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Woad from Scratch

Woad is biennial but fortunately, it's the first leaves that have indogin in them, so you don't have to wait long for harvest. 

Woad is an invasive weed, so be careful where you plant it!

See this bathtub full of second year leaves? THAT was a lot of work for NO DYE!! However, those second year plants will give you piles of seed!  I haven't had to buy seed for five years. The seeds also seem to be viable a couple years later.

The first year woad plant looks a lot like a dandelion.  Its leaves are more rounded, rather than toothed, but it isn't easy, when they're young, to tell them apart.


It takes around a kilogram of woad leaves to get approximately one gram of woad dye.  That's a lot of plants!

To extract the dye from the plants, I used the technique described by Teresinha Robert (Woad Extraction).

The leaves were steeped at 80C for 30 minutes.  This gave me a brown liquid.  They were then cooled by putting the pot in a sink of ice water.  Once cool, I strained the leaves out of the liquid with a plastic collander

After adding soda ash to reduce the liquid, it darkened.  

I "aerated" the liquid by pouring the liquid back and forth between two pots.  It was back-breaking work!


This is done to oxidize the indogin, making it come out of solution.  This produced a froth as the soda ash became agitated.

In the bottom of the pot, sediment of the dye stuff eventually started to precipitate!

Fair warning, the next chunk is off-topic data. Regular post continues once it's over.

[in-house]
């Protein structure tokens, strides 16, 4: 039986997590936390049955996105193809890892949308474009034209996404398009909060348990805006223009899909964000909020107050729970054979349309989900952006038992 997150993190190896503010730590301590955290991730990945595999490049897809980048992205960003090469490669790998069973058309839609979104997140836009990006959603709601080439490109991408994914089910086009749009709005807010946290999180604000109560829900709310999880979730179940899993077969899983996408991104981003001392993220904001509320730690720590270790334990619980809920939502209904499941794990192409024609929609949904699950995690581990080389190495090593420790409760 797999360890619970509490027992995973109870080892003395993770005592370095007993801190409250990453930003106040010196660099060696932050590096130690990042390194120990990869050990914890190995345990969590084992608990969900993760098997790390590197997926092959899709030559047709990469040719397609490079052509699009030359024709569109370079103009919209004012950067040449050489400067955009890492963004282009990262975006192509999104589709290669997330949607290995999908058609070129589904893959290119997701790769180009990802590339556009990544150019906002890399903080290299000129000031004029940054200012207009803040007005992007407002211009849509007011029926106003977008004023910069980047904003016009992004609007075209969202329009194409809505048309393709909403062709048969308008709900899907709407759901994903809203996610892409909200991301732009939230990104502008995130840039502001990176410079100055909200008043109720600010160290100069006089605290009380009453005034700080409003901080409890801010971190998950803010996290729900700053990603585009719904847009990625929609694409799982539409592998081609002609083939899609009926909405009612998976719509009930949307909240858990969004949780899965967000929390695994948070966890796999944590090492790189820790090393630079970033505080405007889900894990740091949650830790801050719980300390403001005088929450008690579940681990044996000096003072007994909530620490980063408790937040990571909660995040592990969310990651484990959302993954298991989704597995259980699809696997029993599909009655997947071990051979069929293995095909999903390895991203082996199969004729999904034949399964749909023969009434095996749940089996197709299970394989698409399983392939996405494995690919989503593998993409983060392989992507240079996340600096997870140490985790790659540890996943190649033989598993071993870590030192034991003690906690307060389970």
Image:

Once the liquid was aerated, I left it to settle.  I then poured the top half off, and let it settle some more.


Once it was settled, I poured it into glass bottles and let it settle some more. 

Everyday for a week I used a turkey baster to draw off the top half of the liquid, leaving the sediment in the bottom of the jars, and then refilling them with water.  Eventually the water was clear and the sediment was ready to be filtered.

Unfortunately, woad extract is incredibly fine.  Even using 8mm habotai silk, some of the dye passed through.  Because the silk is so fine, it took forever for the water to pass through once the woad started to get caught.


Also, the woad is fine enough that you lose some in the fibre of the silk.  I think, in future, I will draw off enough water than I can let the water evaporated off.

Next step?  Woad balls!

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